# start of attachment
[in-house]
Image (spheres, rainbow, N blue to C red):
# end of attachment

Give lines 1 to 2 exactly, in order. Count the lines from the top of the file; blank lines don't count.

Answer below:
[in-house]
Image (spheres, rainbow, N blue to C red):